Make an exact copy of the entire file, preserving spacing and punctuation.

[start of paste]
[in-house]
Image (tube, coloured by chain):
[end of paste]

[in-house]
Image (tube, coloured by chain):